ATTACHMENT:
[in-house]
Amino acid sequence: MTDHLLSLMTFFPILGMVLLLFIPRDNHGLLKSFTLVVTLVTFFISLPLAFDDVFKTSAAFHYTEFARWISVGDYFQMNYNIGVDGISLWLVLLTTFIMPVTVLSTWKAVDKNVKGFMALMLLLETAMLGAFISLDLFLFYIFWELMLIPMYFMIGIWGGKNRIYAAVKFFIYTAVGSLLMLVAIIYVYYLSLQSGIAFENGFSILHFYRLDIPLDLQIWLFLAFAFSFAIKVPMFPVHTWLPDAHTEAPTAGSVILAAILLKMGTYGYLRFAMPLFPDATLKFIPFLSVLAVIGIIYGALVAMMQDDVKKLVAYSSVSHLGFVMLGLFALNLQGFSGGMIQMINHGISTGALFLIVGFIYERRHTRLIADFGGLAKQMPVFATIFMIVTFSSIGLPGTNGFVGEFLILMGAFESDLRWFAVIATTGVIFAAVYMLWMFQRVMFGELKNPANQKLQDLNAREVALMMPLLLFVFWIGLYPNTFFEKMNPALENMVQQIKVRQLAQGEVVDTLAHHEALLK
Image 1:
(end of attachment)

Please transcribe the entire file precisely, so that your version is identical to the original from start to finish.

[in-house]
Amino acid sequence: MTDHLLSLMTFFPILGMVLLLFIPRDNHGLLKSFTLVVTLVTFFISLPLAFDDVFKTSAAFHYTEFARWISVGDYFQMNYNIGVDGISLWLVLLTTFIMPVTVLSTWKAVDKNVKGFMALMLLLETAMLGAFISLDLFLFYIFWELMLIPMYFMIGIWGGKNRIYAAVKFFIYTAVGSLLMLVAIIYVYYLSLQSGIAFENGFSILHFYRLDIPLDLQIWLFLAFAFSFAIKVPMFPVHTWLPDAHTEAPTAGSVILAAILLKMGTYGYLRFAMPLFPDATLKFIPFLSVLAVIGIIYGALVAMMQDDVKKLVAYSSVSHLGFVMLGLFALNLQGFSGGMIQMINHGISTGALFLIVGFIYERRHTRLIADFGGLAKQMPVFATIFMIVTFSSIGLPGTNGFVGEFLILMGAFESDLRWFAVIATTGVIFAAVYMLWMFQRVMFGELKNPANQKLQDLNAREVALMMPLLLFVFWIGLYPNTFFEKMNPALENMVQQIKVRQLAQGEVVDTLAHHEALLK
Image 1: